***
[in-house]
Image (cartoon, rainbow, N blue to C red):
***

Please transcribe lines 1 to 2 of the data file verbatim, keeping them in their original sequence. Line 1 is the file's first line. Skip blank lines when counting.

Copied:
[in-house]
Image (cartoon, rainbow, N blue to C red):